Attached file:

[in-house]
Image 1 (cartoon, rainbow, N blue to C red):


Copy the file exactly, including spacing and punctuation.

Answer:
[in-house]
Image 1 (cartoon, rainbow, N blue to C red):